Friday, January 18, 2013

Belated Christmas Cheer, Part 1

Before we delve into Christmas cheer, I need to back up a few steps and address Christmas CHAOS. Because every mother knows that the month long project called "Christmas" that falls into your lap in addition to "the usual" can have a tendency to make you feel like your head is going to explode. For me, the week before Christmas was especially nutty. A few of the highlights (or low lights, as it were) that dominated my pre-Christmas landscape included . . .

You guessed it! Will wrapping up his ancient Egypt unit in THE BLASTED GIFTED PROGRAM. (This is my new label for this double edged sword/thorn in my side.) This led to many wonderful moments for which you will never see any pictures on this blog including me out on the front lawn in my pajamas 15 minutes before carpool arrived, spray painting a large cardboard box as my neighbors drove by and stared in wonder. Why? Because it was the day of the wax museum, of course! And while Will had his costume and script ready for his portrayal of Pharaoh Somebody or Other, he failed to remember until the last minute that he needed a stand of some kind to go around his legs and put the "push" button which would activate his memorized speech. (Sigh. Eyes rolling.)

But I have to admit, they do some pretty cool things in this program. Like mummify real chickens for weeks and weeks in class (of the grocery store variety). They rub them down in garlic and who knows what else, and change (or add?) tons of salt over and over again. And because Will did most of the work on the sarcophagus, he got to bring it home! Yes, I just remembered this very moment that I still have a mummified chicken somewhere in my house, lo these many weeks later. Here it is:

Not that you're going to read this, but these are the requirements for JUST his social studies projects which come due every five weeks. Then there's the math, and the science (with the required science fair project around the corner), and the monthly book report. Brandon works with Will when there is a late night, last minute wrap up session required (like last night), so I really can't complain. I go involuntarily unconscious around 9:30 or 10pm, usually to be found in bed with one of the girls after falling asleep mid-story a half hour or more earlier. Is it just me, or is this a lot to do for one subject in a five week period when you're in 6th grade and have other things going on in your life . . . LIKE BEING A KID:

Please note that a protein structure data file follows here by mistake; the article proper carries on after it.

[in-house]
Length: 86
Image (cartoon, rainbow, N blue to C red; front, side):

(I know, I signed up for this. No one is putting a gun to anyone's head. And Will is actually pretty happy. I'm just lazy. And clearly ungifted.)

Kate and Will spent more time than usual on their instruments that week as they prepared to play prelude at church two Sundays before Christmas. I'm biased, but I think they sounded great:
Doesn't Will look thrilled?
With all the free flowing sugar coming from every corner of our lives, no one was interested in my mandatory daily vegetable consumption. This is what I found in a freshly changed garbage can sometime during that week:
Which is probably just one reason both Elizabeth and Rachael ended up with a nasty case of croup. (How many people connect the dots between holiday sickness and all the garbage they're eating/good stuff they are not? I think it's more common than not.) Croup is the one thing all four of my kids had as babies/toddlers for some reason, but when the girls got it as 5 and 8 year olds I was very surprised. For whatever reason, the pediatrician said it was going around in older kids this year, so I guess we were just lucky enough to be a part of the epidemic. This is what my kitchen counter looked like all week:
(The rotting bananas are totally unrelated to the croup. I think.) 

I also found out I was hypothyroid. Yippee! That deserves an entire post on its own, but needless to say I would highly recommend all women in my age range (40's, or even mid to late 30's) get a complete hormone panel test done. You might be surprised by what you find out. Tripling my vitamin D intake in the last month has had such a huge impact on my low-grade but persistently annoying anxiety/sadness. Ya, this topic needs a whole post of its own:
Ah, yes. The hit and run car accident! So fun. (WHO DOES THAT?) Luckily, I was perfectly fine, but it was a crazy, scary moment as I was driving through a busy intersection and this lunatic running a red light slammed into me and then promptly took off. Lovely. So we had a rental car all break, clear up until yesterday:
Every spare moment I had was spent on frantically trying to make sure there would be something under the tree for everyone on Christmas morning. No one but the parent in charge of Christmas shopping knows how hard it is to 1) get meaningful gifts that will make every one's wildest Christmas dreams come true while 2) making it all fair and even so no one gets bent out of shape feeling like they got shafted compared to someone else and 3) doing it while staying within a reasonable budget. No pressure. But does make it easier:
(Once again, I successfully avoided the mall for the entire Christmas season. Love that.)